“Sounds like a plan, Boss,” Bull said, holding onto the harness of Ravena’s horse.

Ravena took the reins from him. He stopped her by placing a hand on her shoulder. “No promises, Bull,” she murmured.

“Not asking for them,” he replied. “Just go out there and kick some ass for me, okay?”

She gave him a slight smile. “You got it.” Settling into the saddle, she gave him a bigger smirk. “Keep the assassins away while I’m gone, will you? I’d hate to hear that they finally got lucky while I was out.”

“Give her some time,” Bull commented, waiting until everyone had already left the stables. “She’ll come around.”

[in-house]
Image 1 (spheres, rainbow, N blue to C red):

“I’m giving her time,” Blackwall said. “And I’m giving her as much space as she needs.”

Bull snorted. “I said time. I didn’t say anything about space.” He eyed the rest of the group, judging how much time he had before one of them noticed that Blackwall was lagging behind. “I know our boss-lady. Give her enough room and she’ll think you lost interest. Crowd her and it’ll force her to rethink the situation.”

“Or it could push her away.”

“You’ll never know unless you try.” Giving Blackwall’s horse’s flank a parting pat, he grinned. “You’re all right in my book and something tells me that everything will go as it should. Horns up!”

“Right,” Blackwall muttered, spurring his mount so he could catch up to the rest of the group. “Horns up.” Or tits up, depending on how this trip goes.